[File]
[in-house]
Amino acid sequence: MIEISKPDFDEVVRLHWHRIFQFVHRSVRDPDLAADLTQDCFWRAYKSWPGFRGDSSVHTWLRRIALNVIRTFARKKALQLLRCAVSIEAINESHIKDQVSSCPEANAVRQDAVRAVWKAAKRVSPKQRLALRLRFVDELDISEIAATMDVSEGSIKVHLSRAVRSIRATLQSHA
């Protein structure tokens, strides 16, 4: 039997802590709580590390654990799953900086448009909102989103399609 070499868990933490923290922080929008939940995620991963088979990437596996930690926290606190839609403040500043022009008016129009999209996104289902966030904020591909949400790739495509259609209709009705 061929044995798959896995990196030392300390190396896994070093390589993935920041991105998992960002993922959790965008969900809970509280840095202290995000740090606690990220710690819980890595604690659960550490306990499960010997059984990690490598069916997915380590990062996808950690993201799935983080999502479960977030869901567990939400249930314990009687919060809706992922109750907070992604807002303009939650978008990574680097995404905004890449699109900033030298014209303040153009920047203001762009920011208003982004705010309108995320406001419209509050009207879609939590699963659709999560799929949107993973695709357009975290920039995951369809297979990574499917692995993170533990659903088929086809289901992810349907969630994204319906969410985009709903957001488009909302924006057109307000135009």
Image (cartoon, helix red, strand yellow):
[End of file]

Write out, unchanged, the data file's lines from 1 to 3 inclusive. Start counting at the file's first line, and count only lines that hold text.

[in-house]
Amino acid sequence: MIEISKPDFDEVVRLHWHRIFQFVHRSVRDPDLAADLTQDCFWRAYKSWPGFRGDSSVHTWLRRIALNVIRTFARKKALQLLRCAVSIEAINESHIKDQVSSCPEANAVRQDAVRAVWKAAKRVSPKQRLALRLRFVDELDISEIAATMDVSEGSIKVHLSRAVRSIRATLQSHA
């Protein structure tokens, strides 16, 4: 039997802590709580590390654990799953900086448009909102989103399609 070499868990933490923290922080929008939940995620991963088979990437596996930690926290606190839609403040500043022009008016129009999209996104289902966030904020591909949400790739495509259609209709009705 061929044995798959896995990196030392300390190396896994070093390589993935920041991105998992960002993922959790965008969900809970509280840095202290995000740090606690990220710690819980890595604690659960550490306990499960010997059984990690490598069916997915380590990062996808950690993201799935983080999502479960977030869901567990939400249930314990009687919060809706992922109750907070992604807002303009939650978008990574680097995404905004890449699109900033030298014209303040153009920047203001762009920011208003982004705010309108995320406001419209509050009207879609939590699963659709999560799929949107993973695709357009975290920039995951369809297979990574499917692995993170533990659903088929086809289901992810349907969630994204319906969410985009709903957001488009909302924006057109307000135009």